• Pick a public place where there will be a high volume of people and make sure you get permission to be there. Aim to be visible but not in the way. A table next to the entrance works well.
  • Try to pick a place that you think your target audience will be. For instance, if you’re interested in talking to lawyers, pick a coffee shop near a big law office.
  • Look for stable wi-fi and plentiful wall plugs.
  • Regardless of where you choose, stake out the location ahead of the research session so you can plan accordingly.

A few limitations

There’s no doubt that intercepting people in public is a great way to get a high volume of participants quickly. Talking to the general population, however, is best reserved for situations when you have a product or service that doesn’t require specific knowledge, contexts, or outlooks.

If you’re doing a usability test, you could argue that whatever you build should be easy enough for anyone to figure out, so you can still get feedback. Just be aware that you may miss out on valuable insights that are specific to your target audience.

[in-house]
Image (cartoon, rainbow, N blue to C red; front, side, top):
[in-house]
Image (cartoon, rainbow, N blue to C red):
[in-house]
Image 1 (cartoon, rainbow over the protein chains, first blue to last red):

Let’s say you’re working on a piece of tax software. A risk is that you end up talking to someone who has a spouse that handles all the finances, or miss finding a labelling error that only tax accountants would know to report.

To avoid this, I always recommend asking a few identifying questions at the beginning of each session so you can analyse results appropriately. You don’t always need to screen people out, but you can choose how to prioritise their feedback in the analysis stage.

Context also matters. If you usability test a rideshare app on a laptop in a coffee shop, but most people will use the app on their phones on a crowded street, you may get misleading feedback.

Watch for bias when user-testing in a cafe. Photo via Unsplash

You should also be aware that you may run into bias by intercepting all your participants from one location. Think about it: the people that are visiting an upscale coffee shop in a business centre on a weekday are likely to be pretty different than the people who are stopping at a gas station for coffee in the middle of the night. Again, try to choose your intercept location based on your target audience and consider going to a few locations to get variety.

Keep in mind that only a certain type of person is going to respond positively and take the time to give you feedback. Most people will be caught off guard, and may be suspicious or unsure what to expect. You won’t have much time to give participants context or build rapport, so be especially conscious of making them feel comfortable.

Some final tips: